I think most Senators will agree that the White Paper circulated in conjunction with the Bill makes the contents of the Bill very clear. At least, it made the contents clearer to me, as I do not mind confessing that I am puzzled and confused by the multiplicity of the Army Pensions Bills, Defence Forces Bills and Military Service Pensions Bills. There are only two or three things of importance in this Bill. One of its chief purposes is to provide new rates of pensions for officers and soldiers disabled by would or injury after the passing of this Bill. The position with regard to ex-soldiers totally disabled is, even after the passing of this Bill, rather peculiar and will not be fully rectified until there is another Bill in the autumn. There was a rate of 26/- a week under one of the earlier Acts—the Act of 1927, I think—for people totally disabled. During the emergency, there was another Bill, operated only for the period of the emergency, which gave 42/- a week. Since the emergency, we are back at the old scale of 26/- a week. In the meantime, the workmen's compensation rates were altered so as to give 50/-to people totally disabled. This Bill brings the rates up to 50/- for people totally disabled, from the passage of this Bill onwards, but still leaves under the other Bill a rate of 42/- in one case and 26/- in another. Those rates will be equated to these rates, under the Bill which will be introduced in the autumn.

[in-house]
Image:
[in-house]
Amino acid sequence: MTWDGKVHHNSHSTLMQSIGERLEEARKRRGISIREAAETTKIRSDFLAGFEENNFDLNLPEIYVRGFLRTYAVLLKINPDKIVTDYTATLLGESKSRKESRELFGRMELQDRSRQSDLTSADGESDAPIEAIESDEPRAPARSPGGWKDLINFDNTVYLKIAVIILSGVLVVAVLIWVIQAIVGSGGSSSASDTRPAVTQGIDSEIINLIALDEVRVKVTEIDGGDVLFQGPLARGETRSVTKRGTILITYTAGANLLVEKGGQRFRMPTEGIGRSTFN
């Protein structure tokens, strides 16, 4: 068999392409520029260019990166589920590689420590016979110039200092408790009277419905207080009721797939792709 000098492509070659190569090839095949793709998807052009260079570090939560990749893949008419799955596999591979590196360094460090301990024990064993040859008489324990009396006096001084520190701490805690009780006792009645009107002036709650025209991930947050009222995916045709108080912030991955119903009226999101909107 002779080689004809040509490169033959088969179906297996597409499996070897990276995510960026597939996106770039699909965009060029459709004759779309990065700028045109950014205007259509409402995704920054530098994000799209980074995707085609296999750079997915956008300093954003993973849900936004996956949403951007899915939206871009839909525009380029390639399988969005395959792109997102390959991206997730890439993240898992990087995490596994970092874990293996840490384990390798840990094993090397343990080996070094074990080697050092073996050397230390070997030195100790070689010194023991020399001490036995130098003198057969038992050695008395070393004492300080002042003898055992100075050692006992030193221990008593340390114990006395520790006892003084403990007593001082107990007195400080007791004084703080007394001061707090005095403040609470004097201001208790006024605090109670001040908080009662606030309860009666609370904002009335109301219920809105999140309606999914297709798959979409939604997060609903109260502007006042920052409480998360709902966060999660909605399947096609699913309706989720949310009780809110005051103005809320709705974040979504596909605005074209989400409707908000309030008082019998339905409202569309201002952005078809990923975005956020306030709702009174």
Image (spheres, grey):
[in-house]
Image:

Another matter of importance in which Senators will be interested is that this Bill reopens and extends for six months from the date of passage of the Bill the period during which persons can apply for medals, with the allowance attached to the medals. The date had already passed and this Bill extends the date for six months from the date of the passage of the Bill. The Bill also applies the Army pension schemes to nurses and First Line Reserve and takes power to prepare a scheme to apply it to the Second Line Reserve. Up to this, in the case of pensioners, allowances were given for children only up to the number of four. This removes every limitation and the allowances can be given for the full number of children.
There was no power heretofore to restore a pension that was forfeited because of a court sentence. Power is being taken under this Bill for the appropriate Minister, with the consent of the Minister for Finance, to restore a forfeited pension, that is, an Army pension that was forfeited because of a sentence in a civil court. There still remain people who forfeited their military service pensions and similar power will be taken in the Bill to be introduced next October to restore forfeited military service pensions.
If there are any points on which any Senator wants further information, I will endeavour to give it to him.